I met some wonderful friends in San Francisco, thoroughly enjoyed myself and spent eight hours walking through the city. Of course I saw the sea lions, Alcatraz and the Golden Gate Bridge - that was too be expected.
What I didn't expect to see was how San Francisco has taken the Golden Gate as a metaphor and created vast gated communities. The gates were not physical but invisible, almost built into the psyche of the place.
On one side of the road would be great wealth, designer everything and opulence whilst on the other would be poverty, homelessness and outcasts. Single roads would separate these "communities" and transit from one to another seemed rare for the occupants of each.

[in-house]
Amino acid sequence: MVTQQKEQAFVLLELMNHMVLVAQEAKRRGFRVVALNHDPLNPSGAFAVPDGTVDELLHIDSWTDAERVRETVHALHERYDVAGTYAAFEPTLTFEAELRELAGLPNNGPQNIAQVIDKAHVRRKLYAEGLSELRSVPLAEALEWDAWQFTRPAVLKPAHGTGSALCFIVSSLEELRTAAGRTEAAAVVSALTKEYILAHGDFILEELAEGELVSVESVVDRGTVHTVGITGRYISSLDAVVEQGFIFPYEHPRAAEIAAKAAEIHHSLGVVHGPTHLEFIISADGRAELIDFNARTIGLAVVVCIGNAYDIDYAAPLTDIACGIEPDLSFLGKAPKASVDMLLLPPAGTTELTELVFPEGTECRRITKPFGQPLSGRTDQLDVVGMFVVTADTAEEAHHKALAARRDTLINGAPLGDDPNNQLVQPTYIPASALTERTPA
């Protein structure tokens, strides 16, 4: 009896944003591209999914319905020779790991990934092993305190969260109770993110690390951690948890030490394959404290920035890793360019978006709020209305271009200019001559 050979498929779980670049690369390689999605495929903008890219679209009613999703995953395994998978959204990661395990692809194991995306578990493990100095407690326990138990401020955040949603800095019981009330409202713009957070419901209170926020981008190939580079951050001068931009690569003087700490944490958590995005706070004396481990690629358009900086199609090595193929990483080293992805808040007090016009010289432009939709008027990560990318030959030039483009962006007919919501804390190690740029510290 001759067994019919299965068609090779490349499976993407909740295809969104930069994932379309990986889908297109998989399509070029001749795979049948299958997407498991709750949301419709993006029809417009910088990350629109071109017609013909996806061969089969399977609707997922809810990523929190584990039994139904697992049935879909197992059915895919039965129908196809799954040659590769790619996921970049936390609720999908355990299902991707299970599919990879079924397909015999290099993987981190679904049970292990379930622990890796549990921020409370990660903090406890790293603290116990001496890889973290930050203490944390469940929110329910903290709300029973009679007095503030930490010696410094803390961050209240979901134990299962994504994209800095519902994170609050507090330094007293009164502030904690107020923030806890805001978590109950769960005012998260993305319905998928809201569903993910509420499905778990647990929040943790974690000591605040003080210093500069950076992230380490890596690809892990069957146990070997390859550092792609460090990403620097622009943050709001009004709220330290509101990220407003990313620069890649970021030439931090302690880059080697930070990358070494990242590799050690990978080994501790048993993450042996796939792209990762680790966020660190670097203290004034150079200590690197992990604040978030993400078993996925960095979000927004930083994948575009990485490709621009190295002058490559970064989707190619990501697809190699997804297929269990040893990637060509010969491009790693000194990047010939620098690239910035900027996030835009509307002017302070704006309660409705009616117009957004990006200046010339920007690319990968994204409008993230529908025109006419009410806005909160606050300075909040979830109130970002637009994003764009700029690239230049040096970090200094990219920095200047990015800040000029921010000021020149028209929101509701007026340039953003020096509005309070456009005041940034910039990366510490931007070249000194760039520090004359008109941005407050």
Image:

I was staggered by this, the divide was sharp and crystal clear. A 15 second crossing separated the "American dream" from the "American nightmare" - don't ask me which side was which.
I'd always had a belief that San Francisco was some form of hi-tech bazaar, a golden city with a vibrant community - a place of wonder.
It's nice though - both sides of the road have wonderful people. Not sure if they talk with each other much.
Still you can't learn a great deal about a city in an eight hour walk, so it's just my observations not a critique.